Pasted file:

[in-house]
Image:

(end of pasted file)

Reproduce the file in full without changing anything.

[in-house]
Image: